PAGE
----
On the walls of Phuket old town’s wonderful dilapidated buildings striking images can be seen depicting the local food and culture and they offer a unique take on what makes this island so different - its ability to reinvent itself through the vagaries and vicissitudes that fate throws its way.

The artists have taken advantage of the dilapidated condition of most of the buildings to offer passers-by a perhaps fleeting glimpse of their skill and artistry, as no one really knows how long their works will remain on display, something which offers a temporal dimension to reflect on.

Indeed, at another time in Phuket’s history these works of art might never have been permitted to remain long after their discovery and it’s perhaps the strongest testament to the artists’ skills and ingenuity that they have received official tolerance and a great deal of public approval.  

In loving memory of Thaialnd’s much-loved former king Bhumibol

Although Phuket is justifiably known for its glorious beaches, distinctive island cuisine – made a UNESCO Creative City of Gastronomy in 2015 – and boisterous Patong nightlife, many people, tourists and locals both, are beginning to become aware of Phuket’s multi-cultural, multi-ethnic makeup and its colourful and often tumultuous history.

Charmingly whimsical and original

As you wander through the old town of Phuket, taking in the distinctive architectural styles of shophouses, temples, mosques and shrines, something of the flavour of the those days lingers. Most of what we see today is the product of the tin mining boom that changed the face and outlook of the island so dramatically. 

Once the boom was over and the buildings began to decay through neglect, people forgot the past and looked to a more prosperous future through tourism. Today, though, a new appreciation for those bygone days of entrepreneurial tin barons and the architecture their ambitions brought about has led to an increased urgency to maintain what remains of these splendid edifices.

A giant mooncake

As a result of the UNESO award the Phuket Initiative was launched and twelve graffiti artists were asked to work together on a series of murals depicting the local food and culture. At first, there were some voices raised in protest, but by and large the project has been very well received by both locals and tourists.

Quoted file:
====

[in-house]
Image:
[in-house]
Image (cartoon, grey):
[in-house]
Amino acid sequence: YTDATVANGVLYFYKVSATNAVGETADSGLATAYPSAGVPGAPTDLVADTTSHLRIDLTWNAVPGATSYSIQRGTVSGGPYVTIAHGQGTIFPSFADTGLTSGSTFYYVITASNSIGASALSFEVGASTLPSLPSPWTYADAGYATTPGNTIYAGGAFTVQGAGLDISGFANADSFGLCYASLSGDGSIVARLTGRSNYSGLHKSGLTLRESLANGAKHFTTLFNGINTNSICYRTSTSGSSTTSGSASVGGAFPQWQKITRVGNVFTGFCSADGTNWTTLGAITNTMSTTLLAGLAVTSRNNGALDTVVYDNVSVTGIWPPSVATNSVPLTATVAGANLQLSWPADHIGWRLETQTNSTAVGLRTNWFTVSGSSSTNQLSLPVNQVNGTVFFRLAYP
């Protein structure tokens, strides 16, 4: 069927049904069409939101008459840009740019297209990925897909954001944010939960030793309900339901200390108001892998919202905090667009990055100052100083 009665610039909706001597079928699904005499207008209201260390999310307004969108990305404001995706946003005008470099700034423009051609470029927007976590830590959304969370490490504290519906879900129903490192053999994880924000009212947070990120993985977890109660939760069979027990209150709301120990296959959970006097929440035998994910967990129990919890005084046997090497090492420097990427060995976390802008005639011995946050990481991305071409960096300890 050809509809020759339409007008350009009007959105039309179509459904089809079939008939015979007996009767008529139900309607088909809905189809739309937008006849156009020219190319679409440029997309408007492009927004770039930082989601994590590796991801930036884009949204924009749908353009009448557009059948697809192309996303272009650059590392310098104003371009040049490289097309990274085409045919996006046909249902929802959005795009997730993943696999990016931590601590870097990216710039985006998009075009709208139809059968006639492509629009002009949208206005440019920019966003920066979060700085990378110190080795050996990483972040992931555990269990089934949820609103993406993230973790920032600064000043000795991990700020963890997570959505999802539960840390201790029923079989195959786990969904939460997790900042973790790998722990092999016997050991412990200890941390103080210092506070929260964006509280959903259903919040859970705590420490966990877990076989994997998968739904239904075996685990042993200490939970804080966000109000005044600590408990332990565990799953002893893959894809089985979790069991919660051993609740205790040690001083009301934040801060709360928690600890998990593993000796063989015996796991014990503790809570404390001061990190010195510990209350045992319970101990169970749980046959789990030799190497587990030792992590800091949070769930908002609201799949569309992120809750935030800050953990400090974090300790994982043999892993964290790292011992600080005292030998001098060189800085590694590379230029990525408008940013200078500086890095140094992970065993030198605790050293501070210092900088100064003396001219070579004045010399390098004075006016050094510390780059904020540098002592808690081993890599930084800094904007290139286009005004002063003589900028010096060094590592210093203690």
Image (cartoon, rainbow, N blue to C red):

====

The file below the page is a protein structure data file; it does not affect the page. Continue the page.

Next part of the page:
Much of the old town’s buildings have undergone restoration and many more will follow, so by and by, these artworks are likely to slowly disappear over time as more of the town is given a facelift. Take a stroll around Soi Romanee, once the naughtiest street in town, where gambling parlours, opium dens and brothels used to be located, which was a few years ago a ghostly relic of its former heyday, and experience its marvellous revival. 

A joyous riot of colour

The styles of art are different and highly individualistic and the artists show a deft touch in handling the tools of their trade, but all exhibit a profound understanding of Phuket’s unique place in that part of the Asian experience that thrives at the crossroads, where cultures meet and meld, fuse and reinvent themselves - always changing, adapting but clinging to the traditions that inextricably bind them together.

The walls have eyes…

Wander through the streets of the old town and savour the distinctive Sino-Portuguese architecture and the art that adorns its crumbling masonry while you can. These works of art have drawn attention to the plight of the buildings and may indeed lead to their restoration as has already happened with so many other fine old buildings in the vicinity. This in turn will likely result in these paintings removal from the walls, which though a great shame, might just be the inevitable fate of all street art.